With all of that said, despite how long it took me to finish the volume, it was worthwhile. Tertullian is one of the two most important writers of the pre-Augustine/post-NT church (along with Origen), and as such is worth taking a bit more time to work through. He ably defended the faith in the face of persecution, was direct and assertive in facing down heresy, stood staunchly on revealed truth in a world of relativistic morality, and was the first to articulate several key theological ideas (for example, he coined the word "Trinity"). While not every work in the volume is of equal value, they're all interesting and have much to say. That in later years Tertullian stumbled into heresy himself is unfortunate, but does not diminish his contributions to the formation of the church. (The heresy in question was Montanism, which if it existed today would be an extreme form of ascetic Pentacostalism--so not the worst heresy you can end up in, and I will be surprised if the good Mr. Tertullian is not in heaven when I get there, since to the best of our knowledge he never rejected the Trinity or the atonement, and only held a distorted view of the gifts of the Holy Spirit.)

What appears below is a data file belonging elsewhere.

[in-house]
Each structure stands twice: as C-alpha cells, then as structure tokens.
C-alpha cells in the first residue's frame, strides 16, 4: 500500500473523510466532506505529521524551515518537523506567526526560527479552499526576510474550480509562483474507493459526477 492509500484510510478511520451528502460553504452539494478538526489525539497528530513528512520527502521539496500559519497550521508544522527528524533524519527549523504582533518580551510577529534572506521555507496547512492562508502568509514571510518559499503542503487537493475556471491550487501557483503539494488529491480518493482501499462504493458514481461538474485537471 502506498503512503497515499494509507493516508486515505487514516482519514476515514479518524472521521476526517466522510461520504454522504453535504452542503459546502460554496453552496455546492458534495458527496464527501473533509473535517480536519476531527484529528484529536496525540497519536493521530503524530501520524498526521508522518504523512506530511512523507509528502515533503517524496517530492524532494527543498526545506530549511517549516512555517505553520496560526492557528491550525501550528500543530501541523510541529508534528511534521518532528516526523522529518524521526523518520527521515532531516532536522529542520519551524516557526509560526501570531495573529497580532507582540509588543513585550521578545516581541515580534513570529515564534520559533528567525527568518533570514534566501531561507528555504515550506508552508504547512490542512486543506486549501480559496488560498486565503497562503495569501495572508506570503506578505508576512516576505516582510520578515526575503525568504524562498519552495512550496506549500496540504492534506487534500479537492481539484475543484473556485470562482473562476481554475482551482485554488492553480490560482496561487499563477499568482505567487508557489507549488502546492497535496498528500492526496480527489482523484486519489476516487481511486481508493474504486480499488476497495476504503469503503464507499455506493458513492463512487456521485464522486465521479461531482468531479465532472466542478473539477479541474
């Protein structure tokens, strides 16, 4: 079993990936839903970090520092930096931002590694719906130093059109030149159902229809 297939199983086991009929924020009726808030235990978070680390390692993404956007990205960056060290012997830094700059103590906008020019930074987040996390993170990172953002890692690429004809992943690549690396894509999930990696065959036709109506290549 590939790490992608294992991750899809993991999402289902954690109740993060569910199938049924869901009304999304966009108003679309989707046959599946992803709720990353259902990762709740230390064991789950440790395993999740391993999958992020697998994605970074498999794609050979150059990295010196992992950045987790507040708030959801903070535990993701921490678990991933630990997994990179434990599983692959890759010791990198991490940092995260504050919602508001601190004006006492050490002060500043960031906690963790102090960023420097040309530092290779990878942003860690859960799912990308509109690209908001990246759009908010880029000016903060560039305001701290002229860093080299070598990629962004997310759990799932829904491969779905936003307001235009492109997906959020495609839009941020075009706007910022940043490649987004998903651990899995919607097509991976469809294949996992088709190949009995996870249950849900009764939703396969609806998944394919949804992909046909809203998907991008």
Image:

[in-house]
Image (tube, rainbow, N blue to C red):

This volume contains:

The Apology: In this work, Tertullian defends Christianity by pointing out how wrong it is of the Romans to persecute Christians both morally and legally. After all, if Christianity is just another philosophy (as some claim), then why aren't other philosophies persecuted? And if Christians are being persecuted for being immoral, why not go after pagans, who are so much worse? In point of fact Christians are persecuted merely because they carry the name "Christian", which has been declared illegal, which in turn is just evidence that the law can err. Tertullian ends by giving a picture of Christian life and practice, and encouraging Christians to hold to the truth even through persecution. "The oftener we are mown down by you [pagans], the more in number we grow; the blood of Christians is seed." (55)